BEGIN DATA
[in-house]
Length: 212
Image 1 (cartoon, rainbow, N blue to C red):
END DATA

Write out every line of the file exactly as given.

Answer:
[in-house]
Length: 212
Image 1 (cartoon, rainbow, N blue to C red):